The rich habitat along the sea shore provides lots of feeding opportunities for animals. However, this comes at a price. Compared to animals on land or in the sea, inhabitants here are vulnerable to predators coming both from the sea and land. Consequently, many have evolved anti-predator defences so as not to end up at someone else's dinner table. Examples of these could be found during our exploratory walk at Pulau Semakau today.
The most basic anti-predator defence has got to be fleeing. If you can't catch me, you can't eat me. Those that do that exceedingly well all eluded my capture on camera. The focus today will thus be on those that could not get away fast enough.
If you cannot get away fast enough, then better hope that your enemies cannot see you.
The hairy crab (Pilumnus sp.) is covered with long hair that breaks up the crab's outline and binds sediments to help it blend with its surroundings. If that does not work, it will dash into the closest crevice for cover.
Taking camouflage one step further, cuttlefish and squids such as this big-finned reef squid (Sepioteuthis sp.) can change their colour to match their surroundings. Another trick they may use is to release a cloud of ink to confuse predators while they make their escape.
If you are as slow as a snail, more extreme tactics will have to be used. A turban snail (Turbo sp.) has a hard shell which it can retract fully into to protect its soft body.
On its foot is a trap-door-like operculum that seals up the
opening. The thick and tough operculum has a rounded surface and protects the snail from the prying pincers of crabs and other predators.
The shape and colour of the operculum resemble cat's eyes and is sometimes made into jewelry.
Sometimes, best defence is offense.
The flower crab (Portunus pelagicus) packs a nasty pinch from its sharp pincers. When threatened, the aggressive crab faces its aggressor head on, pincers ready. On top of that, it is heavily armoured with a shell packed with numerous spikes to discourage predators from swallowing it.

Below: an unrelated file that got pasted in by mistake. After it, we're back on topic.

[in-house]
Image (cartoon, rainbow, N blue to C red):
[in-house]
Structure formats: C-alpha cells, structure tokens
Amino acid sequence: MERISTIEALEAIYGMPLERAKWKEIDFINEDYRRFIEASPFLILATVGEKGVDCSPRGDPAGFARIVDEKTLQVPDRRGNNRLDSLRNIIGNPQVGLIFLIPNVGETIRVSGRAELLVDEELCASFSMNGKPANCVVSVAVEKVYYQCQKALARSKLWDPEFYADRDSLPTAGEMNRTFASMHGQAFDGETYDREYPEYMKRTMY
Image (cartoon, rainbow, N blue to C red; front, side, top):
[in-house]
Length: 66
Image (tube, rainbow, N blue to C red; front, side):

The hell's fire sea anemone (Actinodendron sp.) defends itself from any animal that dares to touch it with a painful sting. This comes from stinging cells tipped with venom and they look like little harpoons under the microscope.
If you are a small shrimp with minimal defensive powers, then it is best to find a powerful ally.
Apparently the stinging cells of sea anemones are so effective that the anemone shrimp (Periclimenes brevicarpalis) have found a way to take advantage of them by living among them for protection. But as if free protection is not enough, this species has been observed feeding on the tentacles of its host anemone!
Today's exploratory walk at Pulau Semakau also saw new records of 3 sea cucumber species for the island's shore. Even though they look helpless, sea cucumbers are able to protect themselves too. Some contain toxins or taste downright foul to predators, others try to confuse enemies by vomiting their guts and other organs out while some produce sticky threads to bind attackers in a gooey mess. Very neat.
From left: Ball sea cucumber (Phyllophorus sp.), Holothuria notabilis, and brown sandfish sea cucumber (Bohadschia vitiensis).
At the end of this trip, I still wonder how people squat over ankle-high water without getting their backsides wet. Must acquire this veritable skill.
- Bruce, A. J. and Svoboda, A. 1983. Observations upon some pontoniine shrimps from Aqaba, Jordan. Zoologische Verhandelingen 205: 3-44.